Editors upheld our complaint and retracted that specific claim from the article.
Predictably listeners heard nothing about the ancient Jewish community in Hebron or the 1929 massacre which brought it to an end. No effort was made to challenge Awada’s absurd claim that “we never had any problem with the Jewish” even in light of that historic fact and audiences were not told what Zionist means, or of the fact that the vast majority of British Jews identify as Zionists.
Awada: “And our shop it’s under the Israeli settlement. It’s called Avraham Avinu and it’s an area called H2. It’s divided by Oslo Hebron protocol. It’s just has to be H1 under Palestinian control and H2 it’s under Israeli control.”
James: “OK so those are some of the different designations of the land as the result of that accord.”
No effort was made to clarify to audiences that the Palestinian representatives willingly signed the 1997 Hebron Protocol or that the vast majority of the city (around 80%) is under complete Palestinian control. Neither, of course, were listeners told that the Avraham Avinu synagogue in Hebron dates from 1540.
Later on Awada explained the purpose of her (and her colleagues’) frequent tours abroad.
Awada: “But really I want to give my message for other ladies, how the women under occupation they live and how the occupation affected our business and why I cannot do my business in my country, why I have to go to other countries.”
At the end of the item Padhy opined:
Padhy: “Good to have you here in the UK. Good to have you here in the studio.”
This is not the first time that a representative of Women in Hebron has appeared on BBC World Service radio and once again the question of who initiated the contact between that group and BBC producers must be asked. The fact that the BBC World Service chose to give a sympathetic platform to an activist brought on tour in the UK by a highly partisan political group, with literally no challenging questions asked and no factual background provided to place her politically motivated narrative in context, should be deeply worrying to the BBC’s funding public.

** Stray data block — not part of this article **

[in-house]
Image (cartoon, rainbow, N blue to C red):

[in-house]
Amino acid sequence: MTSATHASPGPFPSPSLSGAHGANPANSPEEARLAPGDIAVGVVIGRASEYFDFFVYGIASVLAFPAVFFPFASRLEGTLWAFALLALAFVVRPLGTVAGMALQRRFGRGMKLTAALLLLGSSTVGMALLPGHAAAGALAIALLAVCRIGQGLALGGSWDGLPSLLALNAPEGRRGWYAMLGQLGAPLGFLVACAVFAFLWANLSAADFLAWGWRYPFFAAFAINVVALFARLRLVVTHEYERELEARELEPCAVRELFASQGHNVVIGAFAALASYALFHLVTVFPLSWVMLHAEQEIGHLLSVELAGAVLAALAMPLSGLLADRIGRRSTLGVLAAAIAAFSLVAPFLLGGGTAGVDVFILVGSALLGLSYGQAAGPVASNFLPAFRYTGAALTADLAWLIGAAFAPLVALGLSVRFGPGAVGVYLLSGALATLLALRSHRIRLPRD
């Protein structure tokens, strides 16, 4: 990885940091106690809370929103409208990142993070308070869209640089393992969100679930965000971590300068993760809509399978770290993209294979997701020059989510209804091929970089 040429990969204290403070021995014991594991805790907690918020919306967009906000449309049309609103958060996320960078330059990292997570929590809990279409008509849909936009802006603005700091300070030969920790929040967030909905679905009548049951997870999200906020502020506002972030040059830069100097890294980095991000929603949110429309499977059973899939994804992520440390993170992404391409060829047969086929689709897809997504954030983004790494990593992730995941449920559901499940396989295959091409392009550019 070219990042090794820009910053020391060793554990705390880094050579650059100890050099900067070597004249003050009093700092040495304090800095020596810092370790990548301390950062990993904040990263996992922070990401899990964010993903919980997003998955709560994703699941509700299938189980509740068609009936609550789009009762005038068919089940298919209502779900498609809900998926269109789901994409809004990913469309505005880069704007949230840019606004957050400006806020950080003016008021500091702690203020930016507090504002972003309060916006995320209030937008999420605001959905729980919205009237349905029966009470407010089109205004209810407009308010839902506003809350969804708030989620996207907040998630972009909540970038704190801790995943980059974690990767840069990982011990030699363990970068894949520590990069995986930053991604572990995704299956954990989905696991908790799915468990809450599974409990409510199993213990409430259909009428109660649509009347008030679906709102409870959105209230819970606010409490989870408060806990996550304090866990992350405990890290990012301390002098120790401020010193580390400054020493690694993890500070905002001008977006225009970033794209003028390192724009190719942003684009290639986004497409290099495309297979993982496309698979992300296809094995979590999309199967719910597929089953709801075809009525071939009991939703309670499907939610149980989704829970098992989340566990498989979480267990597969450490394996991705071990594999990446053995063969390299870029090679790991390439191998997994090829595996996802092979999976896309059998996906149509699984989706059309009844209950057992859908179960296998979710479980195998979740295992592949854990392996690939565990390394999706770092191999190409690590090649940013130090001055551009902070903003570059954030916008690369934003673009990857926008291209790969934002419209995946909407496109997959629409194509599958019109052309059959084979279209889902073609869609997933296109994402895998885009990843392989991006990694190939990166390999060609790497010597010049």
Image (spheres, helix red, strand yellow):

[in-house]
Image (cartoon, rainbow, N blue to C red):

Barghouti began by giving a reasonable account of the situation which included the following:
Barghouti: “There is a status of quarantine now imposed in Bethlehem area and in the whole of the West Bank to ensure that no more cases will be infected due to the fact that some of these people who have the disease have been in contact with other people. […] This is a very important precaution that is taken place by the Palestinian Authority.”
However as is usually the case when Mustafa Barghouti is interviewed by the BBC, he soon took advantage of the platform given to him for the promotion of politicised messaging.
Barghouti: “Of course you must understand that in the West Bank and Gaza we have [to be] very careful because we have a poor infrastructure due to the fact that we have been under Israeli military occupation for more than 52 years.”
The Gaza Strip has of course not been under “Israeli military occupation” for over 14 years and the Palestinian Authority has been in control of Areas A and B – including healthcare – for nearly a quarter of a century. Nevertheless, listeners heard no challenge to Barghouti’s false claims.
Agence France Presse yesterday demonstrated extremely poor working knowledge of Judaism coupled with shoddy editing. An article yesterday erroneously reported that Israel’s ban on gatherings of more than 10 people, a measure to combat the coronavirus pandemic, makes it impossible for the Jewish prayer quorum, or “miyan,” as the leading news called it, to convene.
The March 22 article by Ben Simon had erred (“Religion in conservative Mideast adapts to coronavirus“):
Israel has banned gatherings of more than 10 people, making it impossible for Jews to form the quorum of ten needed for prayer known as a miyan.
The sentence errs on two points.
1) A Jewish prayer quorum is called a “minyan,” not a “miyan.”